• Read more about setting up the AlloyDB destination in our docs.

3. Running your pipeline for the first time

The dlt cli has also created a main pipeline script for you at, as well as a folder github that contains additional python files for your source. These files are your local copies which you can modify to fit your needs. In some cases you may find that you only need to do small changes to your pipelines or add some configurations, in other cases these files can serve as a working starting point for your code, but will need to be adjusted to do what you need them to do.

The main pipeline script will look something like this:

import dlt

from github import github_reactions, github_repo_events

def load_duckdb_repo_reactions_issues_only() -> None:
"""Loads issues, their comments and reactions for duckdb"""
pipeline = dlt.pipeline(
# get only 100 items (for issues and pull request)
data = github_reactions(
"duckdb", "duckdb", items_per_page=100, max_items=100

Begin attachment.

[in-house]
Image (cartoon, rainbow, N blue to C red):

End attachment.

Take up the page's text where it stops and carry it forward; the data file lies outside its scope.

def load_airflow_events() -> None:
"""Loads airflow events. Shows incremental loading. Forces anonymous access token"""
pipeline = dlt.pipeline(
"github_events", destination='postgres', dataset_name="airflow_events"
data = github_repo_events("apache", "airflow", access_token="")
# if you uncomment this, it does not load the same events again
# data = github_repo_events("apache", "airflow", access_token="")
# print(

def load_dlthub_dlt_all_data() -> None:
"""Loads all issues, pull requests and comments for dlthub dlt repo"""
pipeline = dlt.pipeline(
data = github_reactions("dlt-hub", "dlt")

if __name__ == "__main__":

Provided you have set up your credentials, you can run your pipeline like a regular python script with the following command:


4. Inspecting your load result

You can now inspect the state of your pipeline with the dlt cli:

dlt pipeline github_events info

You can also use streamlit to inspect the contents of your AlloyDB destination for this:

# install streamlit
pip install streamlit
# run the streamlit app for your pipeline with the dlt cli:
dlt pipeline github_events show

5. Next steps to get your pipeline running in production